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Marshall Amplifiers

Often, in reading about classic rock, you'll see phrases like "a Strat through a Marshall" or "a 'Burst through a Marshall". Translated, they refer to the sound of Fender Stratocaster or 1958-1960 Gibson sunburst finish Les Paul electric guitars played through a Marshall amplifier.

Marshall Amplification is a British company that produces guitar amplifiers, speaker cabinets, and other related products. The company was founded in 1962 by Jim Marshall, who began building guitar amplifiers in the back of his drum shop in Hanwell, London.

Marshall amps quickly gained a reputation for their powerful and distinctive sound, and became popular among guitarists in the emerging rock and roll scene of the 1960s. In particular, Marshall amps were favored by guitarists like Jimi Hendrix, Eric Clapton, and Pete Townshend of The Who, who used Marshall amps to create the loud, distorted sound that became a hallmark of rock music.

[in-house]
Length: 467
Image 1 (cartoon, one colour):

One of the most iconic Marshall amplifier configurations is the "Marshall stack," which consists of a "head" amplifier unit and one or more speaker cabinets stacked on top of each other. The classic Marshall stack typically includes a 100-watt head unit, paired with one or two "4x12" speaker cabinets, each containing four 12-inch speakers.

Over the years, Marshall has continued to innovate and expand its product line, introducing new amp models and speaker cabinets designed for different genres and playing styles. The company also produces a wide range of other products for guitarists, including effects pedals, guitar strings, and accessories.

Today, Marshall amplifiers are still considered some of the best in the industry, and the distinctive "Marshall sound" remains a staple of rock music. The company's legacy continues to be celebrated by guitarists around the world, and Marshall amps remain a symbol of the power and excitement of rock and roll.